The U.S. Small Business Administration (SBA) was created in 1953 as an independent agency of the federal government to aid, counsel, assist and protect the interests of small business concerns, to preserve free competitive enterprise and to maintain and strengthen the overall economy of our nation. The SBA helps Americans start, build and grow businesses. Through an extensive network of field offices and partnerships with public and private organizations, SBA delivers its services to people throughout the United States, Puerto Rico, the U. S. Virgin Islands and Guam.
Economic Development Specialist/Public Information Officer
U.S. Small Business Administration
10 Causeway Street, Room 265
Boston, MA 02222
Starting and managing a business takes motivation, desire and talent. It also takes research, planning and support along the way.
To increase your chance for success, take the time up front to explore and evaluate your business and personal goals. Then use this information to build a simple business plan that will help you reach these goals.
The process of developing a business plan will help you think through some important issues that you may not have considered yet. Your plan will become a valuable tool as you set out to raise money for your business. It should also provide milestones to measure your success.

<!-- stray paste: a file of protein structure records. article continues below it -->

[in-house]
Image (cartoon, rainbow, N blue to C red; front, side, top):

Before starting out, list your reasons for wanting to go into business. Some of the most common reasons for starting a business are wanting to be your own boss, wanting to attain financial independence, wanting more creative freedom and wanting to be able to fully exploit your talents and skills.
Next you need to determine what business is “right for you.” Ask yourself a few questions, such as:
Then you should identify the niche your business will fill. Conduct the necessary research to answer these questions:
The final step before developing your plan is the pre-business checklist. You should answer these questions:
Your answers will help you create focused, wellresearched business plan that should serve as a blueprint. It should detail how the business will be operated, managed and capitalized.
The SBA Massachusetts District Office along with resource partners (Massachusetts Small Business Development Center, SCORE and Center for Women & Enterprise) regularly host FREE/low-cost educational workshops that can help you understand the process of starting a business. Please visit any of the resource partners to find out how you can get help launching your business today!